Frequently Asked Questions Regarding Certification of Interpreters in Health Care
What is certification?
Certification is a process by which a governmental, academic or professional organization attests to or guarantees that an individual is qualified to provide a particular service or perform in a particular area of practice. Certification involves formal assessment, using an instrument that has been tested for validity and reliability, so that the certifying body can be confident that the individuals it certifies have the knowledge and skills needed to do the job.
I have a certificate of completion from a training program. Am I certified?
No. This is a common confusion in the field. A certificate of completion simply shows that you finished a training program. Certification shows that the certifying body is guaranteeing that you are qualified: that you have demonstrated the knowledge and abilities that a scientifically-designed process has shown to be necessary to provide a service. While a certificate of completion is certainly a valuable document to prove your training, it is not the same as a certification. Think of it as the difference between a doctor who has graduated from medical school and one who has passed her Board exams.
Is national certification available for healthcare interpreters?
Yes, there are several options, depending on the working language pair.
Interpreters for people who are deaf or hard-of-hearing are certified through the Registry of Interpreters for the Deaf (RID). RID offers a variety of credentials under its generalist category. Specialist credentials are also offered in legal interpreting and interpreting for the performing arts. At this time, RID does not offer a specialist credential in healthcare interpreting. For more information, see RID’s website.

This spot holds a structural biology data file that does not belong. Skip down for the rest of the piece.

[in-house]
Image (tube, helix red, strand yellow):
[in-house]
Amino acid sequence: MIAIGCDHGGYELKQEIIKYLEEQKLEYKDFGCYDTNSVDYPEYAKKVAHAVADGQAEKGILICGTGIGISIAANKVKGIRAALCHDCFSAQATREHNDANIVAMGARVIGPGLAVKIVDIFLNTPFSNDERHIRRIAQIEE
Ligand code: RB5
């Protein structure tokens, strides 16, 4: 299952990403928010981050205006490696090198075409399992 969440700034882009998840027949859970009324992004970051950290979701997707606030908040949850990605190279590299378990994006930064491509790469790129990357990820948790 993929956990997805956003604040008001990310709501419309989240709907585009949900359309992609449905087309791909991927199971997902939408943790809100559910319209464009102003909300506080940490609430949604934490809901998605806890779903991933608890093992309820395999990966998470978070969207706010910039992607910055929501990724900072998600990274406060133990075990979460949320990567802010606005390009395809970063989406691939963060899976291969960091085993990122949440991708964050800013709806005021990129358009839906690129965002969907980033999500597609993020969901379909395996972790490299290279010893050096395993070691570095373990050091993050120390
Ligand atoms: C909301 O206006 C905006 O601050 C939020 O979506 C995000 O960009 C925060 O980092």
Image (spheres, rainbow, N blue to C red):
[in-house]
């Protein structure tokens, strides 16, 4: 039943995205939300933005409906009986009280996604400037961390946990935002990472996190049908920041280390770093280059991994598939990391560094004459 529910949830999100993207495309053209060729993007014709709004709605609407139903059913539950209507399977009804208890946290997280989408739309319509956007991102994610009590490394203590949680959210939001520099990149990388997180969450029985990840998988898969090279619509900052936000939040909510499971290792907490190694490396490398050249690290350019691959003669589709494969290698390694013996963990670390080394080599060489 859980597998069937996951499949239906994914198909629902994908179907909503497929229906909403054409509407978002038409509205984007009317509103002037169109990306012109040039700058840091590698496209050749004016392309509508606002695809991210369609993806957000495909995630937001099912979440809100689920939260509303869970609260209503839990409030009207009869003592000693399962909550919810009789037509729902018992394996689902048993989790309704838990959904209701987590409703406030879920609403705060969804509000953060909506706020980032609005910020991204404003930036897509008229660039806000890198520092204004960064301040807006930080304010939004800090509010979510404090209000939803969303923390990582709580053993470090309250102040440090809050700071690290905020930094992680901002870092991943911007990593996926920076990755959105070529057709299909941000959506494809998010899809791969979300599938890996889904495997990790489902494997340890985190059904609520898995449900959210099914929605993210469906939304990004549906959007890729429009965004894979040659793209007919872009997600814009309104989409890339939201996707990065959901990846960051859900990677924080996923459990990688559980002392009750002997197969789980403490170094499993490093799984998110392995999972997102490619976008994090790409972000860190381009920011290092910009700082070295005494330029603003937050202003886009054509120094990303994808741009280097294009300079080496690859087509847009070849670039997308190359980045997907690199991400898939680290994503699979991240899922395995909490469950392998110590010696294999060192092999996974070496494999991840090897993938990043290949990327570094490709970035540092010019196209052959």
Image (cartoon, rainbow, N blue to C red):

At this time, spoken language interpreters can choose between two national certification processes. The National Council on Interpreting in Health Care has officially endorsed the certification process of the Certification Commission for Healthcare Interpreters (CCHI).
How do I know which process I should use?
To evaluate a certification process, or to compare two processes, you will want to ask questions such as the following:
Is certification the only way to guarantee the quality of an interpreter?
No. Certification is only one way to identify if an interpreter is qualified. Other ways include:
Why should I bother with certification?
If you are an interpreter, certification is one way to prove your skill level to potential employers and to colleagues on the healthcare team. It puts you on the level with other healthcare professionals, all of which must be credentialed in some way.
If you hire interpreters, certification is one well-recognized means of assuring that an interpreter has a certain level of knowledge and skills.